The LSAT (Law School Admission Test) is the most important component of the law school admission process. It is divided into three parts: analytical reasoning, logical reasoning, and reading comprehension. The test is required by all law schools and is essentially a giant bell curve. At the end of the day, the students with the best verbal skills, critical thinking, logical reasoning, and memory abilities will score the highest on the test.
The Logical Reasoning Section
This section of the LSAT comprises 50-51% of the test. Essentially, this is the argument section. Test takers will be given 3-5 sentence arguments and asked to evaluate them, strengthen them, weaken them, or find a parallel argument. Success on this section has been shown to be highly correlated with law school success. Also, it is somewhat learnable. Students who can recognize the paradigms of logical reasoning will appreciate their position in the bell curve.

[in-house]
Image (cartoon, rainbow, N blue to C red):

Arguably the most difficult section and the hardest to improve on. It is, in fact, the hardest reading comprehension test known to man. Memory, reading for structure, and verbal skills will carry test takers through this frightful section and towards the rightward facing tail of the bell curve. Reading comprehension makes up one section of the test, and it usually involves 26-28 questions dealing with four passages on a wide array of topics: chemistry, art, literature, history, law, social science. If there’s any section that’s un-learnable (there’s not) this is the closest.
The smallest section of the test and the most foreign, the analytical reasoning section, is referred to by law school hopefuls as the “logic games” section. Essentially, this section requires you to solve difficult logic puzzles. This is the closest section to a math evaluation. This is apparently the most learnable section on the test and some test takers say that everyone is capable of missing only a few on this section. This writer, however, missed almost none on the logical reasoning question, a few on reading comprehension, and 8 questions on analytical reasoning. If I figured this section out I would have scored in the 99th percentile rather than the 90th percentile. Moral of the story: don’t take anything for granted.